Technology can improve our lives for the better, but it can also be used for nefarious purposes. During a speech at the United Nations (U.N.) in Geneva, Microsoft president and chief legal officer Brad Smith warned delegates that cyberattacks facilitated by technological advances must be everybody's business.
"We are seeing a new arms race,” Smith said, according to Geekwire. “We’ve entered a new era of invisible weapons. When we talk about a cyber weapon, it’s not something one can hold in a hand like a gun or look across and see like plane or missile, and yet its impact can be profound.”
Smith noted that a huge chunk of responsibility falls upon the shoulders of the world's biggest tech companies, which he said should be the first line of defense against cyberattacks: "We built the stuff...We see the threats first, and we are in position to act quickly."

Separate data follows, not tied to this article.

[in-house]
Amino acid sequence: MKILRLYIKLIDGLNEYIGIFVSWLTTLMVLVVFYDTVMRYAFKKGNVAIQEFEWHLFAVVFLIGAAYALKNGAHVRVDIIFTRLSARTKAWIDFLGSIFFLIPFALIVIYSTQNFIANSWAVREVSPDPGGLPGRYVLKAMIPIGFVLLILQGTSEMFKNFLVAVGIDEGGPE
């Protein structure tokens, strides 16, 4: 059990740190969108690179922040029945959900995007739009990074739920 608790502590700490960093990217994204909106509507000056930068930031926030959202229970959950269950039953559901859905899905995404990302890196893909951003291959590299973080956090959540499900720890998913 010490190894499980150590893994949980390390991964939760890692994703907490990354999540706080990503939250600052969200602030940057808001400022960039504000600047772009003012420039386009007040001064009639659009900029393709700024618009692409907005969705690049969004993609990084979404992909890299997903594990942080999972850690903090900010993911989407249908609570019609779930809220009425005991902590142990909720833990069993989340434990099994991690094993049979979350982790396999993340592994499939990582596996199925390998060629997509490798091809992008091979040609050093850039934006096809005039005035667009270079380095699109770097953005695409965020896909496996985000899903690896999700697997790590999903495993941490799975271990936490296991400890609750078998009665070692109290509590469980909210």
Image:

According to Smith, Microsoft spends $1 billion each year on security innovations, and during his talk, he urged the biggest names in tech to band together, saying they should adopt a set of common best practices that will protect the rest of the world from cyberattacks.
A Vulnerable World
Cyberattacks have become increasingly prevalent the past couple of years, and some of history's worst happened in 2017. A candidate in France's presidential election was the target of a massive email hack, and May's WannaCry attack crippled hospitals, businesses, governments in more than 150 countries when it locked down more than 200,000 computers.
“Increasingly, we live in a world where if you can hack into a thermostat, you may be able to find your way across the electrical grid,” Smith said during his U.N. speech. The threat is real, so much so that some claim that cybersecurity should be an absolute human right.
In a world in which almost every conceivable transaction can be done using a gadget, that assertion is hard to dispute, but while tech companies can be the vanguard of cybersecurity, governments need to be involved as well.
“The world needs a new digital Geneva Convention. It needs new rules of the road," according to Smith. "What we need is an approach that governments will adopt, that says they will not attack civilians in times of peace [...] that they instead will work together to help each other and the private sector respond when there are cyberattacks.”